And with whom do you share it for an outside opinion?
Andrés: With Moodymann, when he is around. But that’s it. I have kind of a formula when I do music. Not a specific one. I guess you could say I have kind of my own vibe in the sense of the percussions, the rhythm, and the bass-line thing. It is kind of a formula. I try to put my groove, my spin on things. I am heavy on the field. I did not realize that it is a formula. Other people did that. But that's ok for me. I am doing good and people like my music, that is a beautiful thing you know what I mean.
And how do you work with samples? Do you ever clear them?
Andrés: I don’t have too much to say about that. I have been blessed.
And would you produce a straight hip hop album or working with a hip hop band again?
Andrés: Yeah. Kenny was a big influence in getting me to also include my hip hop stuff on my albums. Which is why Andrés II came out the way it did. And Andrés III was an EP. There is only one hip hop joint on it. The next album is going to feature a song from another project of mine that is purely hip hop. Me and a couple of friends are actually rapping on it. I am going there this time. Why not?
And how is it to run a label like La Vida? You like it?
Andrés: Mmmmm. It is good. Well, so far I never really looked at it like that. I'm just putting out stuff you know. I do not do any promo. So far it has been a blessing that I did not have to do too much. I think in the future eventually I'll get more involved. But right now it is pretty fair. I was very lucky that my first La Vida release sold so good. When I put it out, I had no idea that it was going to be my biggest record.
And where do you press your stuff? In the USA or Europe?
Andrés: At Archers in Detroit. The legendary Archer Record Pressing. The same guy that used to do the Motown stuff. We all press there. And it is distributed through FIT. I still meet a lot of people who say it is hard to find my stuff. It is hard to get it in everybody’s hands. For the FIT label I did also the alias project A Drummer From Detroit. There is a second one coming out soon. It is a more percussive based thing. It is a different style I am accustomed to. Less melody more drums. It is still melodic, but with more focus on the drums.
And your melodies, do they come from your Cuban heritage or the oldies you love?
Andrés: Inspiration comes mostly from old records or just something in my head. Depends on how I am inspired during the day.
We talked about you diverse style of DJing before and that you like to play long sets. How is it when you are booked for festivals or at clubs and you just have a two hours slot?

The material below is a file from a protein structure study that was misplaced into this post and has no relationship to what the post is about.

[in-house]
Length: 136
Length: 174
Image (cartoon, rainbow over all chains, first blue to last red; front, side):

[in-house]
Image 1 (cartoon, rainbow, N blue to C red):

Andrés: I approach everything the same way. I try to feel out the crowd. At certain places I feel like I can’t do anything wrong you know. At Panorama Bar for instance I always had a great time. I remember the first time I played there, it was crazy. When I played New For U it felt like God was in the room. It was crazy.
When I played New For U it felt like God was in the room. It was crazy.
But such moments are great fun.
Andrés: Yeah. But I do what I usually do.
Do you play often in Detroit, too?
Andrés: Not such much. Sometimes. I do not play a lot in the States. In New York a bit more. And in California if I am in L.A.. I would like to get booked more in the States. For my album I would like to do some release parties, so people in the States become more aware of what I do. I would like to do one in Detroit, New York, L.A. and in Europe, too.
You did a one hour Mahogani and KDJ mix for Carhartt WIP Radio. How was it to go through all that stuff?
Andrés: I did not realize there was so much stuff. And I am not familiar with Kenny’s whole catalogue, as he got so much stuff. I had not heard some of that stuff for so long. And some never. So it was pretty interesting. It was kind of going down memory lane. There is some of the Dan Shake stuff that I had a chance to really listen to now. And it was interesting to hear the whole label stuff.
How important is Kenny and his labels for your career at large?
Andrés: I am definitely influenced by Kenny’s music. He got his own thing as I got my own thing, but I realized that there is something similar. Because I was told that people though that Andrés was Moodymann for a long time. (laughs) Which is interesting. I think people thought it was just an Alias of him. He told me: people probably think it is me. I though it was interesting for a minute with the whole mystery thing.
But you both have a totally different DJ style.
Do you often DJ together?